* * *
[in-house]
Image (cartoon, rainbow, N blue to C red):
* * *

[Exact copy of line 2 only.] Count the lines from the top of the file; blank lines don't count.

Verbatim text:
Image (cartoon, rainbow, N blue to C red):